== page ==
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According to a new study by Danish climate experts in the journal Proceedings of the National Academy of Sciences, the United States is three times more affected by destructive hurricanes than it was a century ago.

For this study, the researchers examined 247 hurricanes that have occurred since 1900 and of these, 10% of the most important phenomenons (hurricanes covering a total destruction area of more than 1200 square kilometers) are 3.3 times more frequent. “It is the most damaging hurricanes that are experiencing the greatest growth,” explains, Aslak Grinsted, a climatologist at the University of Copenhagen. Moreover, of the 20 storms with the largest areas of total destruction since 1900, 8 have occurred in the last 16 years. Two storms stand out in particular: Hurricane Harvey (2017) with a total destruction area of 11,835 square kilometers and Hurricane Katrina (2005) with an area of 7,621 square kilometers. With an average of 411 square kilometers, Harvey was 30 times larger.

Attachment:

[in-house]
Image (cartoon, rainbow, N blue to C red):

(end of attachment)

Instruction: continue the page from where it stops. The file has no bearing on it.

Why the large increase?
Several researchers have shown that climate change can have a great influence on the magnitude and frequency of extreme weather events. In fact, the increase in land and water temperatures caused by human activity has a direct impact on these phenomenons.